Texts like these reflect a change in state summative assessments. Thanks to guidelines like the CCSSO Criteria, it is becoming more and more clear that, regardless of changes to state standards, high-quality, grade-level complex texts are here to stay on state summative assessments.

Let’s step away from the test for a minute, though, and talk about the materials that you have in your classroom. EdReports, much like the CCSSO Criteria, emphasizes the quality and complexity of texts in its evaluation rubric for instructional materials. Gateway 1, Criterion 1, reads, “Texts are worthy of students’ time and attention: texts are of quality and are rigorous, meeting the text complexity criteria for each grade. Materials support students’ advancing toward independent reading.”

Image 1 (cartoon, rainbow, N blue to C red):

High-quality instructional materials that provide students with great grade-level texts to read and analyze exist. One only needs to look at the Compare Materials page (K-2) (3-8) (HS) of EdReports to see the names of many programs that have been rated as green for Criterion 1.

It is clear that we are moving in the right direction in regard to connecting the dots in our educational systems. But you know we don’t all live in a world where there is always beautiful connection between classroom and summative assessment texts. This mismatch between the parts of our educational system can cause huge problems for teachers and students. So what is a teacher to do? Well, we here at Student Achievement Partnters love a good solutions table, so take a look at the one below, and let us know what you think: